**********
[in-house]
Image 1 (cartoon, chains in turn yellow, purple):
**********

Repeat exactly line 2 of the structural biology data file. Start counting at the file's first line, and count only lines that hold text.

Image 1 (cartoon, chains in turn yellow, purple):